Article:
Drumming Up Wellness! HealthRHYTHMS for Alzheimer's Patients
By: Walker Wright
Population Served: Seniors
I have been facilitating the HealthRHYTHMS protocol for more than three years. Through my program, Rejoicing Rhythms, I have had the privilege of working with different populations including children, special needs groups, at risk youth and seniors. Having worked in the Senior Care industry for the last eight years, my initial plan was to start facilitating drum sessions with senior care facilities. Since my HealthRHYTHMS training in 2006, my senior care clients have consisted of assisted livings, independent living centers, memory care units, nursing homes, senior centers and adult day care facilities. Each location has a different feel, but what a joy to work with the senior population!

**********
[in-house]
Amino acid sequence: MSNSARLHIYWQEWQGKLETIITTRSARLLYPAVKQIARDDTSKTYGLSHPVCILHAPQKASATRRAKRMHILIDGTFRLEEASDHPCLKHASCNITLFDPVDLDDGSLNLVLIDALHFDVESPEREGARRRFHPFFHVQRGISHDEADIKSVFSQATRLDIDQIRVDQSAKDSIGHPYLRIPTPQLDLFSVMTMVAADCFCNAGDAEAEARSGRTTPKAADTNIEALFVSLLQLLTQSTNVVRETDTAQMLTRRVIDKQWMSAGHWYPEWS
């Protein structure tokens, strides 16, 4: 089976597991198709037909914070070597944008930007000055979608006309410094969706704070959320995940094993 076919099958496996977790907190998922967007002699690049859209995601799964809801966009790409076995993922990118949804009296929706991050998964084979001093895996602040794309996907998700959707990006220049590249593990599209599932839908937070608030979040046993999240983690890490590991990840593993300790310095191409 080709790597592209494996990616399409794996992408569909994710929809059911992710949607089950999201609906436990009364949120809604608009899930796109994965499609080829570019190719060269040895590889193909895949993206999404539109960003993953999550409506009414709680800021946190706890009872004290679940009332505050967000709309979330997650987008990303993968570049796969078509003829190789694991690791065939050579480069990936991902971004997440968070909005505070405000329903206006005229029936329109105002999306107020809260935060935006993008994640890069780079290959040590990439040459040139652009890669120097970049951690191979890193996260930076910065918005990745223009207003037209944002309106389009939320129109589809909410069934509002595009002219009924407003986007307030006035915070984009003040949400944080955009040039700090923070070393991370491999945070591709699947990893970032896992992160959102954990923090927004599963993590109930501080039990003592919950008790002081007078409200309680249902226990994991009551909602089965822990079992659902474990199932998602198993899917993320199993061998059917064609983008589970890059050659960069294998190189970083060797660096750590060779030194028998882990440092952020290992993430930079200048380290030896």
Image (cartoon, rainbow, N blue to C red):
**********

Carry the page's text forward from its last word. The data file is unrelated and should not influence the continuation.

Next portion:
My first two Rejoicing Rhythms clients in 2006 were adult day care facilities in the Birmingham area and believe it or not, I continue to work with these locations on a monthly basis. Amazing! These locations provide a safe haven primarily for individuals working through Alzheimer's disease. The people at the centers range from mild to severe Alzheimer's. Concerning the latter, some of the drum circle participants cannot verbally communicate. Interestingly enough, they are able to express themselves through the percussion instruments. Sometimes it can be a correlation of two instruments. I have seen Alzheimer's patients utilize a shaker to keep the beat on a frame drum. Wonderful Creativity! All in all, I stand amazed in working with all my friends at these locations.